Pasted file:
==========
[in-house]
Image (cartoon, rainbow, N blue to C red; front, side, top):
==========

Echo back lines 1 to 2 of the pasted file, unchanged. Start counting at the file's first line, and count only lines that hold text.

[in-house]
Image (cartoon, rainbow, N blue to C red; front, side, top):